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February 21, 2024

In what appears to have become another episode of The Days Of Our Lives in Wicomico County, the Wicomico County Council, and County Executive Julie Giordano find themselves locked in a disagreement over a substantial surplus of taxpayer dollars and its intended use for county improvement projects.

At the core of this divide is a $74 million surplus revealed by Director of Finance Pam Oland.  Oland explained that the surplus is largely attributable to increased tax collections and an unexpected surge in interest rates. 

Having grown to $94 million between 2022 and 2023, not including the rainy day fund, the bounty presents a unique opportunity - and a point of contention.

Giordano believes in utilizing the $7 million accumulated in unexpected interest revenue to forward capital projects, including roadworks and recreational amenities. She envisions citizens' tax dollars being reinvested in the community, addressing practical needs like pothole repairs, maintenance issues at the Civic Center and various other much-needed improvements around the county. 

"There are roads that need to be paved," she insists, advocating for taxpayer money to serve its intended purpose, not to "sit in a bank account."

On the opposite side of the boardroom, Wicomico County Council President John Cannon remains skeptical. Cannon disagreed and does not feel there is a need or urgency to expedite these projects, suggesting a more measured approach.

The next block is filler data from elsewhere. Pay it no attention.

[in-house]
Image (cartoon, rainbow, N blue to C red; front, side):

"I don't feel the need to rush," he asserts, as a rebuttal to the request by the County Executive's office.

Giordano explained that "rain is pouring into the Civic Center right now", as just one of many examples of the needs to be completed now, rather than wait until later.

The proposed budget amendment calls for $5.6 million to be spent on community assets encompassing boat ramps, marina upgrades, playground improvements, enhanced security lighting at parks, and various infrastructure advancements - all without dipping into the main budget, thanks to the unexpected interest windfall.

Giordano's frustration was palpable as she challenged the council, stressing the importance of deploying surplus funds promptly to avoid cost escalation. Giordano continued by stating, "I think I must be misinterpreting how government works because we collect tax dollars and our citizens expect us to put it back in the community in the best way possible."

She also questioned the Council's reluctance to acknowledge the financial gains as a strategic success under her leadership, which Cannon countered by labeling as an oversight instead of a calculated decision.

Despite the potential for $1.4 million to remain even after these projects are funded, clear divisions persist. 

Giordano directly addressed Council members, seeking to dismantle a majority front with Cannon, the dialogue underscored the broader debate on the power to release the funds versus the community investment.

With council meetings poised to host subsequent discussions on the matter, the community will now wait to see if a resolution can be made that will either deploy the surplus funds towards immediate improvements or possibly see them reserved for future uncertainties. 

What is your opinion on this? Do you agree with County Executive Julie Giordano and want to see the tax dollars go back into the county, or do you agree with the County Council, who wants to let it sit in a account and not be used?